Chinese Parents -中国父母

Being married to a Chinese woman isn’t exactly like those melodramatic TV shows or the ridiculously formulaic Korean dramas that people can’t seem to get enough of here.

Ever watch one?

Turn on the tube and chances are you’ll catch one of five types of show:

Dynastic China with subtle, watered-down undertones of political commentary, a World War II series that usually makes the Kuomintang out to be insufferable fools and the Japanese as subhuman monsters while the Communists are righteously wielding inferior weapons and still coming out on top, a medical drama with absurdly handsome and young people staring very sternly at one another, a game show where people just straight up do stupid shit for really nothing but the audience’s applause, or the Korean family drama.

Korean dramas usually follow the boy meets girl story, and then they throw a wammy of boy meets girl’s family and must win over the overbearing parents. Follow that up with boy marries girl. Then girl must win over the overbearing mother of the boy. Once they all like each other there is usually an issue with the pregnancy or stress put on the girl for a boy (the more desired). And in the midst of it all someone gets themselves tossed into the hospital because of a sickness or some stupid behavior that in the end brings to light that they all just love each other and want good things for the family. Yay – happily ever after.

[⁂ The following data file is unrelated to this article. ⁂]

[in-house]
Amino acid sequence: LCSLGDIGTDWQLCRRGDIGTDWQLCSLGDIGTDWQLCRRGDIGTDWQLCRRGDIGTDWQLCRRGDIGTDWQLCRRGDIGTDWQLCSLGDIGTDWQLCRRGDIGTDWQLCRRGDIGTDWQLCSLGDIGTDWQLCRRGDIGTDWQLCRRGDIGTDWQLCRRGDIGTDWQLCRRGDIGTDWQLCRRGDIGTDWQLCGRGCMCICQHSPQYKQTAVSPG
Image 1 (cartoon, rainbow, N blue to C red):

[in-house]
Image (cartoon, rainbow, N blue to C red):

I may have sidetracked myself.

My point is that being married to a Chinese woman isn’t always like that, but dealing with parents in this culture does require some flexibility. Xiao Ming’s mom and dad have always welcomed me, but man can they push my buttons, too.

I come home one day a few weeks back and ol’ mom and pop are there hanging out with Xiao Ming. Her dad motions for me to follow him into my office, so I do. We stand in front of the dresser and he points to it, saying that he fixed it. I open the drawers and sure enough they slide open and shut seamlessly. The flimsy bottoms had begun to bow and made those motions difficult. Great! Fixed. Thanks, Dad.